In the last few posts we discussed the use of seals, hope that you are already applying these rules and suggestions in your own artworks! Today, let us take a look at the seal ink. The seal ink is literally called seal mud (Yin Ni, 印泥) in Chinese, which results in these pretty additional colors in a piece of artwork. These tiny add-ons in fact also have quite a lot of science about them.
The seal ink has a rather sticky quality, and you may find some stringy fibers when using it. This is because the seal ink is made from natural ingredients such as cinnabar, herbs including mugwood, castor oil, and aromatic ingredients such as musk. The main color comes from cinnabar, but in using this material, two distinct colors could appear: the top layer is more orange whereas the bottom is more red. Therefore the most common colors of the seal ink ranges between these two shades. However, the more orange color (硃磦) is more precious than the redder variety (朱砂), and the prices of the two kinds can differ quite a bit. In the photo below there are a few seal ink colors that are common on the market. But the best color of the seal ink is quite a personal decision, it depends on the personal taste, but it should match the seal styles – strong characters perhaps work better with a solid crimson color for instance.
Seals are in fact used by three groups of people the most, the civil servants, the artists, and the seal craftsmen. The civil servants have rather basic requirements of the seal ink, therefore the most common kind of the seal ink on the market is meant for this use. These seal inks often appear in a plastic or metal box, round or rectangular, sometimes in the form of foam. The artists have higher standards regarding the seal ink. These seal inks have to be moist enough so that the rice paper can “grab” the best shine of the seal impression, but the oil in the seal ink cannot escape from the border to tarnish the rice paper around it either. The craftsmen have yet again different requirements of the seal ink because of the paper on which the seal is pressed is not the same. For us, it is the artistic style of seal ink that we need.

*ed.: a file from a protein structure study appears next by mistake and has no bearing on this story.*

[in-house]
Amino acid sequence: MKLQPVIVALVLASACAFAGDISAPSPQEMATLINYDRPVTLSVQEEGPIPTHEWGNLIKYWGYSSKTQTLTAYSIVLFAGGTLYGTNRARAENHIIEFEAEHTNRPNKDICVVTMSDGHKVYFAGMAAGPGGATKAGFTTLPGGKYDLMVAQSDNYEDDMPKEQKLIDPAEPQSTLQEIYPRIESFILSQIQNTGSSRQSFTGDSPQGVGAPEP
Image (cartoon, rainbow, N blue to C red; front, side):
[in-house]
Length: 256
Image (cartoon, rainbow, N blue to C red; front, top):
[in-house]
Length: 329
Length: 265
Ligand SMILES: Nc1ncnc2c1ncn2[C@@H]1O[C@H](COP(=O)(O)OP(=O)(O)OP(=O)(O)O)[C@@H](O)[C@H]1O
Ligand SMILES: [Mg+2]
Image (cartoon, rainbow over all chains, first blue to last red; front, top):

Seal ink of the artistic style should be stored in ceramic containers, because the characteristic of the oil in the seal ink is a tad acidy that reacts with metal. Once the seal ink is oxidised, it will become hard and dark, rendering it unusable. Ceramic containers are their best friends, but a certain amount of seal ink could only last 3-5 years, depending on the uses. The color pigments or the oil will ran out eventually, and that will be the time for some new seal ink.
If you wonder about when it is time to change the seal ink, it is generally not hard. Once your seal ink become super oily, which happens when the color has been more or less used up, it is normally time for a change. However, first you need to see whether you have been keeping the seal ink in its best state!
Tips & Suggestions
- Be sure to mix the seal ink once in a while! Use a wooden or plastic spoon or wide stick to stir and mix the seal ink once every 6 months or so. This way the fibers, oil and color can mix more evenly, so that it displays the best result;
- Keep the seal ink container in a place that is relatively warm and preferably constant in temperature, because extreme temperature change also alters its property;
- Keep the seals clean, so that when using the seal ink, it is not only the fiber being brought up – dirty seals tend to do so!
Hopefully this post can be of some help when you select your seal ink! Even though the oriental art cherishes its simplicity, but you probably can see by now how much complexity is involved in it! It is precisely why we love it, isn’t it?
Enjoy such cultural discussions? Have comments? I look forward to hearing from you!
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